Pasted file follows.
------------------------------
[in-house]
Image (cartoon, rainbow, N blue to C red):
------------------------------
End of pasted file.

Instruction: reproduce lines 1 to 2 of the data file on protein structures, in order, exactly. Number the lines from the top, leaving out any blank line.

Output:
[in-house]
Image (cartoon, rainbow, N blue to C red):